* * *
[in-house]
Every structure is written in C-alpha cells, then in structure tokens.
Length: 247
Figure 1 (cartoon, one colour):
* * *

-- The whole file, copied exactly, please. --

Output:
[in-house]
Every structure is written in C-alpha cells, then in structure tokens.
Length: 247
Figure 1 (cartoon, one colour):